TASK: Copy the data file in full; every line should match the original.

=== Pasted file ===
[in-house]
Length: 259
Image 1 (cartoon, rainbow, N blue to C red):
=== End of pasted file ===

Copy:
[in-house]
Length: 259
Image 1 (cartoon, rainbow, N blue to C red):